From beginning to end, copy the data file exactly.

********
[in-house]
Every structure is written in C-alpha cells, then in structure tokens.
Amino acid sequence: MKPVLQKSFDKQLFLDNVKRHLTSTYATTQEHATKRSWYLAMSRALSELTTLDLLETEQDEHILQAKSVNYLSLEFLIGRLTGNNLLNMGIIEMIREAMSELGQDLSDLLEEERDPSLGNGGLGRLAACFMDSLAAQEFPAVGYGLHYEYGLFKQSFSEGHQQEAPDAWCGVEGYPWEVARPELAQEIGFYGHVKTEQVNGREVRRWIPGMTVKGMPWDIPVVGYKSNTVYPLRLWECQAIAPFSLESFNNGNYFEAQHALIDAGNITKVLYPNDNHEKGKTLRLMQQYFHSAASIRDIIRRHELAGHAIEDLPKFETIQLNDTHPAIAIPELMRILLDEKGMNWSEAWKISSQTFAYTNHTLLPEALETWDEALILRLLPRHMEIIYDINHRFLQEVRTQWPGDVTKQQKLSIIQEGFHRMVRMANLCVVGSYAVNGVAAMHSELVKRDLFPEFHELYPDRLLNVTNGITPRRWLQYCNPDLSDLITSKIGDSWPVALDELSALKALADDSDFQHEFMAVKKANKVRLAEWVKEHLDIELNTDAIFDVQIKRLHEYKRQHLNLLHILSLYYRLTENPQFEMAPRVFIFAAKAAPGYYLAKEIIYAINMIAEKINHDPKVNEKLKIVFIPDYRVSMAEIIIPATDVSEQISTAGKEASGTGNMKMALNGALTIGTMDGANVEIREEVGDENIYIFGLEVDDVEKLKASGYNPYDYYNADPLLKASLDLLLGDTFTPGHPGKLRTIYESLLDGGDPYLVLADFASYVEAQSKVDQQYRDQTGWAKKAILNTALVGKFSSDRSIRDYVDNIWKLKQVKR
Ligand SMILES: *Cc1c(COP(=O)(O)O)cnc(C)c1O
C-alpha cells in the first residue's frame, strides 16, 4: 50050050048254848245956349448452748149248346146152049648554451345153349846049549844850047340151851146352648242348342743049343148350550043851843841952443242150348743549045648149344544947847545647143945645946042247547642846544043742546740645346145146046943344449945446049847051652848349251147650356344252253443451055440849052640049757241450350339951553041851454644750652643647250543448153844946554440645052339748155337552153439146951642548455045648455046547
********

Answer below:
[in-house]
Every structure is written in C-alpha cells, then in structure tokens.
Amino acid sequence: MKPVLQKSFDKQLFLDNVKRHLTSTYATTQEHATKRSWYLAMSRALSELTTLDLLETEQDEHILQAKSVNYLSLEFLIGRLTGNNLLNMGIIEMIREAMSELGQDLSDLLEEERDPSLGNGGLGRLAACFMDSLAAQEFPAVGYGLHYEYGLFKQSFSEGHQQEAPDAWCGVEGYPWEVARPELAQEIGFYGHVKTEQVNGREVRRWIPGMTVKGMPWDIPVVGYKSNTVYPLRLWECQAIAPFSLESFNNGNYFEAQHALIDAGNITKVLYPNDNHEKGKTLRLMQQYFHSAASIRDIIRRHELAGHAIEDLPKFETIQLNDTHPAIAIPELMRILLDEKGMNWSEAWKISSQTFAYTNHTLLPEALETWDEALILRLLPRHMEIIYDINHRFLQEVRTQWPGDVTKQQKLSIIQEGFHRMVRMANLCVVGSYAVNGVAAMHSELVKRDLFPEFHELYPDRLLNVTNGITPRRWLQYCNPDLSDLITSKIGDSWPVALDELSALKALADDSDFQHEFMAVKKANKVRLAEWVKEHLDIELNTDAIFDVQIKRLHEYKRQHLNLLHILSLYYRLTENPQFEMAPRVFIFAAKAAPGYYLAKEIIYAINMIAEKINHDPKVNEKLKIVFIPDYRVSMAEIIIPATDVSEQISTAGKEASGTGNMKMALNGALTIGTMDGANVEIREEVGDENIYIFGLEVDDVEKLKASGYNPYDYYNADPLLKASLDLLLGDTFTPGHPGKLRTIYESLLDGGDPYLVLADFASYVEAQSKVDQQYRDQTGWAKKAILNTALVGKFSSDRSIRDYVDNIWKLKQVKR
Ligand SMILES: *Cc1c(COP(=O)(O)O)cnc(C)c1O
C-alpha cells in the first residue's frame, strides 16, 4: 50050050048254848245956349448452748149248346146152049648554451345153349846049549844850047340151851146352648242348342743049343148350550043851843841952443242150348743549045648149344544947847545647143945645946042247547642846544043742546740645346145146046943344449945446049847051652848349251147650356344252253443451055440849052640049757241450350339951553041851454644750652643647250543448153844946554440645052339748155337552153439146951642548455045648455046547